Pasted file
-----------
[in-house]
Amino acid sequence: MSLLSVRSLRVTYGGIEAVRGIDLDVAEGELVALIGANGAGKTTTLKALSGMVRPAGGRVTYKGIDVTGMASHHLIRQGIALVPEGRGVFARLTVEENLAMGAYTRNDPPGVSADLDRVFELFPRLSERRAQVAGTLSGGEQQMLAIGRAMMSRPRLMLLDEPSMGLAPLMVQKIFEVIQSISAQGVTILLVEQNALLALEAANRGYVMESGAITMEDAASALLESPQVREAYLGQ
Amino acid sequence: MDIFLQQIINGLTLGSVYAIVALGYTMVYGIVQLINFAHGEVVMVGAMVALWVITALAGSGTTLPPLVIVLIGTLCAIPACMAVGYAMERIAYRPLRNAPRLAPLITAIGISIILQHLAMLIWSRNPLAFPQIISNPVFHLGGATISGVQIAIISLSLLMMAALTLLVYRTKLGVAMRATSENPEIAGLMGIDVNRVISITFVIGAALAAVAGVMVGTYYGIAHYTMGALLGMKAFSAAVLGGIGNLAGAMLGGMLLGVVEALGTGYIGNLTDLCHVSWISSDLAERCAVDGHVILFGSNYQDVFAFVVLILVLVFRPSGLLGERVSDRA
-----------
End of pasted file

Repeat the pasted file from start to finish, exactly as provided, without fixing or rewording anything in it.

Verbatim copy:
[in-house]
Amino acid sequence: MSLLSVRSLRVTYGGIEAVRGIDLDVAEGELVALIGANGAGKTTTLKALSGMVRPAGGRVTYKGIDVTGMASHHLIRQGIALVPEGRGVFARLTVEENLAMGAYTRNDPPGVSADLDRVFELFPRLSERRAQVAGTLSGGEQQMLAIGRAMMSRPRLMLLDEPSMGLAPLMVQKIFEVIQSISAQGVTILLVEQNALLALEAANRGYVMESGAITMEDAASALLESPQVREAYLGQ
Amino acid sequence: MDIFLQQIINGLTLGSVYAIVALGYTMVYGIVQLINFAHGEVVMVGAMVALWVITALAGSGTTLPPLVIVLIGTLCAIPACMAVGYAMERIAYRPLRNAPRLAPLITAIGISIILQHLAMLIWSRNPLAFPQIISNPVFHLGGATISGVQIAIISLSLLMMAALTLLVYRTKLGVAMRATSENPEIAGLMGIDVNRVISITFVIGAALAAVAGVMVGTYYGIAHYTMGALLGMKAFSAAVLGGIGNLAGAMLGGMLLGVVEALGTGYIGNLTDLCHVSWISSDLAERCAVDGHVILFGSNYQDVFAFVVLILVLVFRPSGLLGERVSDRA